“Get the hell off of him, Cesar! Now!” he heard a grown man say.

The Fat One jumped up. Jacob heard walkie-talkie static.

“I need some back-up in the boy’s restroom by the gym. We’ve got another fight. Over,” the man said into his walkie-talkie.

Jacob didn’t move he just stared at the metal lid.

“Are you alright son?” the man asked.

“I’m okay,” he said while taking the buff black guy’s hand to help him up.

“You all must think you’re pretty tough, huh?” he asked them.

“Look at me boy, pay attention!” he screamed at the Fat One who seemed afraid now. “Three on one? Does that make you a man? It makes you a damn coward if you ask me. When are you going to learn this isn’t going to get you anywhere in life. Jumping boys in the restroom doesn’t make you a man. You need to get to class and stop all of this nonsense. You need to focus on the future. This is some bull!” he finished as another man came into the restroom.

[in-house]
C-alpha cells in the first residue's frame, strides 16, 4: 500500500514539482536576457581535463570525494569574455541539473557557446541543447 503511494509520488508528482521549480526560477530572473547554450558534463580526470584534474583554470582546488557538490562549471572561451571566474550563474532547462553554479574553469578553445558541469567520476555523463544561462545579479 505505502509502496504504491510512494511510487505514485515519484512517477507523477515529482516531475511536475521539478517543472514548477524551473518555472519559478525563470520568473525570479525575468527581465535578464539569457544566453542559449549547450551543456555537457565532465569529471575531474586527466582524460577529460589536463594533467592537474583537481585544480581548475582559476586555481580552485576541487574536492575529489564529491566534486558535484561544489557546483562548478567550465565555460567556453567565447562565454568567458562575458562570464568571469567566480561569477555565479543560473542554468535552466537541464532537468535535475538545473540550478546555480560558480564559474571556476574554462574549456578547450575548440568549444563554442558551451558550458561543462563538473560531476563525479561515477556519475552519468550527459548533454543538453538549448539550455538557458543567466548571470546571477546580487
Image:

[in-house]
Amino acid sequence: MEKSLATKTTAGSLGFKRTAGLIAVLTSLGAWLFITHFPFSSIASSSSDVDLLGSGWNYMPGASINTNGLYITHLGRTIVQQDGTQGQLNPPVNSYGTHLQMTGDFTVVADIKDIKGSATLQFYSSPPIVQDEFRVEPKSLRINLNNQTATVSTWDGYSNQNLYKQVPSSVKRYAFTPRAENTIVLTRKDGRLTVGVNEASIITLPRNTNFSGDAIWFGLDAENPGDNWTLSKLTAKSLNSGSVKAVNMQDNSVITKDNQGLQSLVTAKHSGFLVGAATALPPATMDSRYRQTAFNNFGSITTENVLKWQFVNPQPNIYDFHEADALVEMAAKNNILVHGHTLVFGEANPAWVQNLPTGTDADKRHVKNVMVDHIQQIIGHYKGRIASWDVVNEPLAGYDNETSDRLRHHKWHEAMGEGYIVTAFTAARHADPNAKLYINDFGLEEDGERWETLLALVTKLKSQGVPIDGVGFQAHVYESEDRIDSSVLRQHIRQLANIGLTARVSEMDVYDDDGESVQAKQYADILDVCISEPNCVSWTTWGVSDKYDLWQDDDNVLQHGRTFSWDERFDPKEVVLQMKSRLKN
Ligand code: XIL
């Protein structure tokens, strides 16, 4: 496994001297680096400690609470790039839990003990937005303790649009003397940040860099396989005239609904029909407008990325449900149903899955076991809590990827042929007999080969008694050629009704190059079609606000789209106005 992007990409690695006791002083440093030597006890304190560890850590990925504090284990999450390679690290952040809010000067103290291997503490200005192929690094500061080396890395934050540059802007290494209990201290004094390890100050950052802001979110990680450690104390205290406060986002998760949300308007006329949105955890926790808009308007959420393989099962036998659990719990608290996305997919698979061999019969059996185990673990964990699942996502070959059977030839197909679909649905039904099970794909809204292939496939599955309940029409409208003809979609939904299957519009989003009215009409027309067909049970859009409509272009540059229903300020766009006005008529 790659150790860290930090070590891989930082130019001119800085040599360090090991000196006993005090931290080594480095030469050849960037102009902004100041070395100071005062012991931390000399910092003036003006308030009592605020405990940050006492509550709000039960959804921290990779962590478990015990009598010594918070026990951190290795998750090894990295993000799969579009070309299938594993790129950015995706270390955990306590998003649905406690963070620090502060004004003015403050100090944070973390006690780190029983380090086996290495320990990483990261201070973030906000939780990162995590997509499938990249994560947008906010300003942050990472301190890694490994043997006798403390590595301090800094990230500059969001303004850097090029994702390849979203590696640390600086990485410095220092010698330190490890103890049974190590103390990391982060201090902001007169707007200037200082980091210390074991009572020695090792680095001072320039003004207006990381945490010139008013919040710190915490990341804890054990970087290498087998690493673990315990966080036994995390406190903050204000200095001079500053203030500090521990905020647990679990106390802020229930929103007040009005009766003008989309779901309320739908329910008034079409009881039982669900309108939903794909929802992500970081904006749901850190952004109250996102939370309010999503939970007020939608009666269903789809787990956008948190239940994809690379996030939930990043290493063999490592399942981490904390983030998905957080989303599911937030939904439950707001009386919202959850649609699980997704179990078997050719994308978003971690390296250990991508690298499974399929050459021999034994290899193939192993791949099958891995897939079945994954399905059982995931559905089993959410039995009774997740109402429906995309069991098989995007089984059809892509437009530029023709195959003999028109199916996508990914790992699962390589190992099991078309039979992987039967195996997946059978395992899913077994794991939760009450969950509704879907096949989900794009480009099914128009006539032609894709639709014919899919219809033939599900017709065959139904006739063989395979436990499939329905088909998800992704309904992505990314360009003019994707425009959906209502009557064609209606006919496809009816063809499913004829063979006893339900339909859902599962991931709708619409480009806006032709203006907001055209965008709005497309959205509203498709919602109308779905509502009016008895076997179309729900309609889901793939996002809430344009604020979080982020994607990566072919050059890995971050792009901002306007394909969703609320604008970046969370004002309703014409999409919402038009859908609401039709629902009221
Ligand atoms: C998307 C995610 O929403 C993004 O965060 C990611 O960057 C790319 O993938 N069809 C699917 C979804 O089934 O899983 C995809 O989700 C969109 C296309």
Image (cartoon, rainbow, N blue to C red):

“You alright in here?” the new man asked.

The black guard walked past Jacob and just as he did Jacob pretended to be tying his shoe. With the two men talking, Cesar and the other two laughed for a second and made a joke at Jacob’s expense.

He had the lid behind his back now and before they knew it Jacob was beating Cesar bloody near the urinals. The first blow struck his nose sideways. Then he hit the top of his head with a corner. He got three good hits in with the metal lid before the big black fool pulled him off of Cesar.

“God damnit son! Take it easy!” Jacob was pulled up into the air with a bear hug from behind and found himself in the hallway outside of the restroom.